Getting Started with the Raspberry Pi Zero Wireless

Contributors: M-Short
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Update Software

The last thing we are going to do is to update all the software packages on the board. Packages are constantly updated, and no one wants to be left behind. Luckily, Linux uses a package manager. All we have to do is tell our package manager to update everything, and then sit back and watch. Let's go over a few of the commands we'll be using. Go ahead and open the terminal, if it isn't already open. Type the following.

pi@raspberrypi:~ $ sudo apt-get update

This will go fetch the latest package information and tell the package manager what needs to be updated.

  • sudo (also known as super user) is a command that you will see a lot, specifically with high security commands. It makes sure you have the correct privileges. Depending on settings, it may or may not ask you for a password.

  • apt-get is the package manager and update is the command we are giving it.

pi@raspberrypi:~ $ sudo apt-get upgrade

This will download and upgrade all the packages. Please note that this upgrade will take a while. It will also prompt you if this is really what you want to do, the correct answer is "Y".

pi@raspberrypi:~ $ sudo shutdown -r now

  • shutdown will shutdown the machine. -r tells it to reboot after shutting down, and now tells it to do so now (15 would tell the machine to shutdown in 15 minutes).

What happens if you don't type in sudo? Linux will give you an error saying you don't have permission to do something. Generally if you see that error stop for a second and think if you really know what you are doing and want to do it. If you do, then type sudo in front of your command, and try again.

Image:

Other Useful Linux Commands

A few other useful commands for use in the terminal command line:

  • pwd - Print Working Directory, if you not sure what folder you are in this will tell you where you are in the filesystem.

  • ls - List, this will show you the contents of the folder. To show all files, including hidden ones, type ls -a to show all files/folders. Alternatively, typing ls -al will show you all files/folders as well as their permission settings.

  • cd - this is how you change directories. cd foldername will move you to that folder. cd .. will back you up one level. cd ~ will take you back to your home directory.

  • passwd - this will allow you to change your password

  • man - this stands for manual. Type man before a command to get a summary of how to use it.

  • nano - this will open a basic text editor that is fairly easy to use.

At this point you should be interacting with your Raspberry Pi like you would any other computer. You can teach yourself the finer points of Linux, learn Python, program the GPIO pins, setup a minecraft server, build a network storage system, game console, or media center, or just surf the web.